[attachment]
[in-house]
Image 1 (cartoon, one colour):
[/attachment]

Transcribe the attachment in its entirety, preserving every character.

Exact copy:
[in-house]
Image 1 (cartoon, one colour):